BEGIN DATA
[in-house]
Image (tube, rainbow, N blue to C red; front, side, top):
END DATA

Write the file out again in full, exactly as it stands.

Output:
[in-house]
Image (tube, rainbow, N blue to C red; front, side, top):